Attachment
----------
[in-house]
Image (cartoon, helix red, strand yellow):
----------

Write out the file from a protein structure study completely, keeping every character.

[in-house]
Image (cartoon, helix red, strand yellow):